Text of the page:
I am paid, by state law set in the 1950s, for this critical function of law enforcement -- $25/month.

Twenty. Five. Dollars.

$300 a year.


No matter how many hours I work, cases I investigate, or time I spend in court, I drive my own vehicle -- on my own dime -- to proactively fight for these animals in a way that nobody else does who is being so vocal about the problem and solution.

Now comes the part where people say a few things:
  1. Well, that sucks but that's the way it's always been.
  2. Well, that sucks but if you didn't want the job you shouldn't have picked it.

The very concept of progress defies the logic surrounding the first position. The fact that I love this job so much, and that I want to see animals protected by the laws already on the books, is why I'm so vocal. I believe we can do better as a society for the animals entrusted in our care and I see the biggest opportunity, with those who have their boots on the ground doing the job already.

I'm not complaining. But if you want to know why we have a problem with pit bulls, here's one of the 800lb gorillas nobody wants to discuss: this is the only function of public law enforcement that requires private funds to conduct its job. This is why we have such a problem with animal cruelty and abuse/neglect. Three-hundred dollars will barely cover the vetting for one dog. My organization rescues hundreds of animals each year, from cats to cows and everything in between. We've spent thousands upon thousands upon thousands of dollars rehabilitating animals like the one below:

Animals rescued by ACT Ohio

You see, national animal organizations have no local authority to seize animals. If you call any of the national organizations to complain about animal cruelty in my county, they have to defer to myself and the Sheriff because we have the legal authority to prosecute offenders.

The national organizations can assist in large scale cases, and many times they do. I have personally deployed with the ASPCA's Field Investigation and Response Team twice on large scale cases, once in Florida with over 700 cats and once in Ohio with over 400 dogs, and the benefit they provide to local organizations can be invaluable in these situations. Many times those groups will spend millions of dollars on one large case that a small organization would never be able to absorb.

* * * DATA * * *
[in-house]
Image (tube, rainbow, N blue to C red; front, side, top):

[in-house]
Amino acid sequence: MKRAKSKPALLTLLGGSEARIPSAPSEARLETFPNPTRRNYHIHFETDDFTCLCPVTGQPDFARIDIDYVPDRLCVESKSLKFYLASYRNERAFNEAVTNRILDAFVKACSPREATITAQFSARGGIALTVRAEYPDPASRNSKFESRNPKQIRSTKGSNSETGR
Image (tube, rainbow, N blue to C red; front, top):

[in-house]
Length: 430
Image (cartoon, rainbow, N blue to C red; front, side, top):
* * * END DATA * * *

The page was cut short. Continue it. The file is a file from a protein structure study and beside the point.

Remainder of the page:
If we want to make a dent in animal cruelty, if we want to go after dog fighters and if we want to protect pit bulls, when are we as a society going to make sure that the people who are entrusted to these positions actually have the resources to do their job?

In many counties in Ohio, $25 a month isn't enough to recruit and retain high-quality investigators. In many rural counties, it isn't enough to recruit and retain anyone. That means that for hundreds of thousands of animals, just in my state, there is nobody to investigate substandard backyard breeding conditions. Nobody to investigate dog fighters. Nobody to investigate neglect. Nobody to protect those who have no voice.

Instead of focusing on new legislation to ban a broad spectrum of dogs based on their appearance and using skewed and highly debated "statistics," why don't we look at better funding for animal cruelty investigators and humane societies? Why don't we support the people who can arrest those responsible for animal cruelty and neglect in our communities every single day?

If we can't properly fund what we already have laws for, how effective will any new laws be? If the focus is truly on keeping communities safe rather than winning the big pit bull debate of the decade, if we truly value the animals we spend billions of dollars on each year as pets, paying rural Ohio Humane Agents more than $25 a month should be a no-brainer.

And everywhere else.